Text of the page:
Results for 'Uffink &Unknown'

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  1. The Uncertainty Principle.Jan Hilgevoord & Jos Uffink - unknown
    Quantum mechanics is generally regarded as the physical theory that is our best candidate for a fundamental and universal description of the physical world. The conceptual framework employed by this theory differs drastically from that of classical physics. Indeed, the transition from classical to quantum physics marks a genuine revolution in our understanding of the physical world.
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  2. Compendium of the Foundations of Classical Statistical Physics.Jos Uffink - unknown
    Roughly speaking, classical statistical physics is the branch of theoretical physics that aims to account for the thermal behaviour of macroscopic bodies in terms of a classical mechanical model of their microscopic constituents, with the help of probabilistic assumptions. In the last century and a half, a fair number of approaches have been developed to meet this aim. This study of their foundations assesses their coherence and analyzes the motivations for their basic assumptions, and the interpretations of their central concepts. (...)
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    On Uffink's Alternative Interpretation of Protective Measurements.Shan Gao - unknown
    Protective measurement is a new measuring method introduced by Aharonov, Anandan and Vaidman. By a protective measurement, one can measure the expectation value of an observable on a single quantum system, even if the system is initially not in an eigenstate of the measured observable. This remarkable feature of protective measurements was challenged by Uffink. He argued that only observables that commute with the system's Hamiltonian can be protectively measured, and a protective measurement of an observable that does not (...)
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    Reply to Gao’s ”Comment on ”How to Protect the Interpretation of the Wave Function Against Protective Measurements”.Jos Uffink - unknown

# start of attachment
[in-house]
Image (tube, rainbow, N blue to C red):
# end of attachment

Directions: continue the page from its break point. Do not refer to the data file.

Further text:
Shan Gao recently presented a critical reconsideration of a paper I wote on the subject of protective measurement. Here, I take the occasion to reply to his objections.
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  5. The Origins of Time-Asymmetry in Thermodynamics: The Minus First Law.R. H., Uffink &Unknown & J. - 2001 - Studies in History and Philosophy of Science Part B: Studies in History and Philosophy of Modern Physics 32 (4):525-538.
    This paper investigates what the source of time asymmetry is in thermodynamics, and comments on the question whether a time-symmetric formulation of the Second Law is possible.
     
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    On Time in Quantum Physics.Jeremy Butterfield - unknown
    First, I briefly review the different conceptions of time held by three rival interpretations of quantum theory: the collapse of the wave-packet, the pilot-wave interpretation, and the Everett interpretation. Then I turn to a much less controversial task: to expound the recent understanding of the time-energy uncertainty principle, and indeed of uncertainty principles in general, that has been established by such authors as Busch, Hilgevoord and Uffink. Although this may at first seem a narrow topic, I point out connections (...)
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  7. Uses of a Quantum Master Inequality.Gordon N. Fleming - unknown
    An inequality in quantum mechanics, which does not appear to be well known, is derived by elementary means and shown to be quite useful. The inequality applies to 'all' operators and 'all' pairs of quantum states, including mixed states. It generalizes the rule of the orthogonality of eigenvectors for distinct eigenvalues and is shown to imply all the Robertson generalized uncertainty relations. It severely constrains the difference between probabilities obtained from 'close' quantum states and the different responses they can have (...)
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